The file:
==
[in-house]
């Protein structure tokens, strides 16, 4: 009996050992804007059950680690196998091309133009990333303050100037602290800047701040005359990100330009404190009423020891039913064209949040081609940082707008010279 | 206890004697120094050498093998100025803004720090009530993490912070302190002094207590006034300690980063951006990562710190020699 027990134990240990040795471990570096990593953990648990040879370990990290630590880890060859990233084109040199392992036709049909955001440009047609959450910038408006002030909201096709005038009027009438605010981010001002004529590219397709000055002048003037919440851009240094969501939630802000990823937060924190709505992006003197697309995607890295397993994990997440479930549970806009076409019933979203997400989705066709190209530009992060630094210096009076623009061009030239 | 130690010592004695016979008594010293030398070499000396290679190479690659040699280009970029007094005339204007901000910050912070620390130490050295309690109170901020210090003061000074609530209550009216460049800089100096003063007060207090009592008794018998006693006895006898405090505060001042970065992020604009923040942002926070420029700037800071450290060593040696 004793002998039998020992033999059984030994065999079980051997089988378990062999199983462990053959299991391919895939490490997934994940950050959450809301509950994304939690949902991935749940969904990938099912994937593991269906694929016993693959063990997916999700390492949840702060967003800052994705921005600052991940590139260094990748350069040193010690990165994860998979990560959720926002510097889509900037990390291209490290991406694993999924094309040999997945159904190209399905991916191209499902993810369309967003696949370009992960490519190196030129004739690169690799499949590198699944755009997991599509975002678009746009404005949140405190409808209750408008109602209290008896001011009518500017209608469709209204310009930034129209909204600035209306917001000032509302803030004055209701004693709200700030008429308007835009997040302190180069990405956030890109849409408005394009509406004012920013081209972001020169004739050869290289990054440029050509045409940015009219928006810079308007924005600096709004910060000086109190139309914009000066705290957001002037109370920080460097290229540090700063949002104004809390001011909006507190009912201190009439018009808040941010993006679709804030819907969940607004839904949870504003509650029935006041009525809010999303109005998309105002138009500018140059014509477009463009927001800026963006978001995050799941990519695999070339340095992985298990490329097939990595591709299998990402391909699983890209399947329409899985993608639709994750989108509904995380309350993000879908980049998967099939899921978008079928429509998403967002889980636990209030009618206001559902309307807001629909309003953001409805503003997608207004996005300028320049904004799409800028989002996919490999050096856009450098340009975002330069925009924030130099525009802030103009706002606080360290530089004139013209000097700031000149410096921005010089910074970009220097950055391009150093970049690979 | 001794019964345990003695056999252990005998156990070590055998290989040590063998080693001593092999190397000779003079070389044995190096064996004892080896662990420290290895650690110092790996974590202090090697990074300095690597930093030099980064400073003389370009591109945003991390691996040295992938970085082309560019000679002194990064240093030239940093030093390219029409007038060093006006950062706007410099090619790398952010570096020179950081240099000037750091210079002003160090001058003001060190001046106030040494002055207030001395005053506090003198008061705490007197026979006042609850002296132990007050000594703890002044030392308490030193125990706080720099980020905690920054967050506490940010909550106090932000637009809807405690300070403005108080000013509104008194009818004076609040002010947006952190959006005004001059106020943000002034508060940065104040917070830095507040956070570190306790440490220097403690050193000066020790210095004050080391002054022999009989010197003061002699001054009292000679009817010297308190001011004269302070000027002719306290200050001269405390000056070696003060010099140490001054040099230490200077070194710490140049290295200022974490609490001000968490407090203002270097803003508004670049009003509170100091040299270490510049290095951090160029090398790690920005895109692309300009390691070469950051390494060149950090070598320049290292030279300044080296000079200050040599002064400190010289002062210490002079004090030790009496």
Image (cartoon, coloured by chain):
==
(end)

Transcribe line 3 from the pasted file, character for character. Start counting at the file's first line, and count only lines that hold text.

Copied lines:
Image (cartoon, coloured by chain):